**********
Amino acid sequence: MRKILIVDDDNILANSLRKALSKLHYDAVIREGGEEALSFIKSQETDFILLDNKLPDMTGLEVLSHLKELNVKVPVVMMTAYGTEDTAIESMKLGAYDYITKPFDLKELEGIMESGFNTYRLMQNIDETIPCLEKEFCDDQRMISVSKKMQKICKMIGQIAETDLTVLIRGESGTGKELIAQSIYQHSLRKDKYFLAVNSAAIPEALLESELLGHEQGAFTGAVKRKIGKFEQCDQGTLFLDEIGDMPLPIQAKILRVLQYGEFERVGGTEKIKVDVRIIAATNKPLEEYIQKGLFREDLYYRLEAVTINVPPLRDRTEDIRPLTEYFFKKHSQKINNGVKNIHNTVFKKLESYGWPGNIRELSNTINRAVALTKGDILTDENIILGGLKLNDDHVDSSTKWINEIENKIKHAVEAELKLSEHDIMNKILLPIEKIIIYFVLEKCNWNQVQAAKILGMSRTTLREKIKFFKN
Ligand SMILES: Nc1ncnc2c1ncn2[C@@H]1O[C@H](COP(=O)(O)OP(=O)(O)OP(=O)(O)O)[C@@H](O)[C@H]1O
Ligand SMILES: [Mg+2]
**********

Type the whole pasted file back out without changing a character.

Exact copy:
Amino acid sequence: MRKILIVDDDNILANSLRKALSKLHYDAVIREGGEEALSFIKSQETDFILLDNKLPDMTGLEVLSHLKELNVKVPVVMMTAYGTEDTAIESMKLGAYDYITKPFDLKELEGIMESGFNTYRLMQNIDETIPCLEKEFCDDQRMISVSKKMQKICKMIGQIAETDLTVLIRGESGTGKELIAQSIYQHSLRKDKYFLAVNSAAIPEALLESELLGHEQGAFTGAVKRKIGKFEQCDQGTLFLDEIGDMPLPIQAKILRVLQYGEFERVGGTEKIKVDVRIIAATNKPLEEYIQKGLFREDLYYRLEAVTINVPPLRDRTEDIRPLTEYFFKKHSQKINNGVKNIHNTVFKKLESYGWPGNIRELSNTINRAVALTKGDILTDENIILGGLKLNDDHVDSSTKWINEIENKIKHAVEAELKLSEHDIMNKILLPIEKIIIYFVLEKCNWNQVQAAKILGMSRTTLREKIKFFKN
Ligand SMILES: Nc1ncnc2c1ncn2[C@@H]1O[C@H](COP(=O)(O)OP(=O)(O)OP(=O)(O)O)[C@@H](O)[C@H]1O
Ligand SMILES: [Mg+2]